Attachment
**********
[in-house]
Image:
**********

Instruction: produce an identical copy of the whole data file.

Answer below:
[in-house]
Image: